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How to use HRV

I last did a post about HRV, an introduction of sorts, I’ve learned a little more so I thought it was time for another post on the subject. HRV or heart rate variability is a way to tell what shape your body is mentally and physically. It can be used to judge when it’s time to go all out on the next workout and when it’s time for a light stroll. It can be used to measure physical and mental stress as well. Some devices such as Garmin Vivosmart 3 and Lifetrak Zoom HRV are attempting to do all day HRV measurements. How good or accurate (or even useful) these are is very much a TBD. I am skeptical.

HRV is a measure of the variance of time between heart beats. A healthy and well rested system can react quickly to needs of the body. There is good HRV and bad HRV but the reality is there is a range. Too high is bad and an indication of one issue, too low is bad and an indication of another issue. Now I am not a Dr, I am an engineer :). So I will make no attempt to explain the physiology of any of this. What I will try and do is discuss what you can glean from HRV and how to use it.

First up is tools, you will need a highly accurate heart rate monitor. For now that seems to be chest straps. I have a Wahoo TICKR and a Polar H7 both of which seem to do just fine with HRV and give consistent readings. Next up is an app on your phone. The last time around I put a few through their paces and decided on EliteHRV. It is simple to use, easy to understand and works well. If there is anything I wish for, is a portal, where I could see the data offline, on something other than my little phone screen. Oddly enough the app does send the data up to the cloud, I guess for their use.

Taking a measurement is pretty simple, get your chest strap, wet it (most chest straps have to be wet to be accurate), sit still start the app and wait two minutes. Two minutes seems to be about the right amount of time to get a reliable accurate consistent HRV reading. The more still you are the better the measurement. For the first couple of days you will get nothing out of the app while it figures out your baseline, normal, state. Once done you are now ready to start getting some meaningful data out of the app.

I am not going to try and discuss HRV during an activity, at this point I have not figured out what it means, or even how accurate or useful it might be,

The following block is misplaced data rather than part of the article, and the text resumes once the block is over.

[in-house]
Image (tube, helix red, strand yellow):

So let’s get started. After taking measurements for a bit it was time to see what shape I was in before a ride. So I took the measurement, and as you can see I am in the green and good to go! The intra chart shows a pretty stable reading.

The reading isn’t right in the middle of perfection but it’s well within the range of what it considers good for me. So off I go on a ride. I rode for 2.5 hours, and then retook my measurement. Sure enough it shows that my body has been under some considerable exertion for me). My HRV had dropped from 59 in the morning to 36 after the ride. The only thing missing would have been a nice simple dial again. I have no idea why they only do this for morning readings.

So the next morning I measure my HRV again. Here you see I have recovered from 36 back up to 51, but it’s still in the yellow meaning if I were to go out an hard exercise it might be a bad idea. I would be at risk of performing badly or even injuring myself pulling muscles and the like.

By the next day you can see my HRV had recovered back up to 58 (now two mornings, and roughly 36 hours after my ride). As an interesting note, my Garmin Fenix 3 gives you a guess at what it thinks is your time to recover from your workout, and it guessed 29 hours so in the same range.

Now to see the affect of things other than exercise, I had a really bad night of sleep. And low and behold my HRV, down to 51, reflected it and showed a deccrease and the fact that I would not be in a good place to do a hard workout, something I felt anyway.

Here’s another pre exercise HRV, then a post exercise and then the next morning. This time it dropped from 54 to 43. This was an easier ride 688 calories Vs 1244 (according to my Fenix 3) from the previous example and as you can see my HRV dropped only 11 this time Vs 23. And as you can see it took less time to recover from my exercise, the next morning I would have been good to go again for another workout (albeit just barely).

And for completeness here is an almost perfect HRV after a good long nights rest. Right smack in the middle of the good range!

This last image is a way of seeing it all in one. You can see here it’s about a range. Too high is bad, too low is bad. It’s about distance from center of your normal. You get the best readings and accuracy when you take your HRV regularly.

May 19, 2017 Posted by | Uncategorized | Leave a comment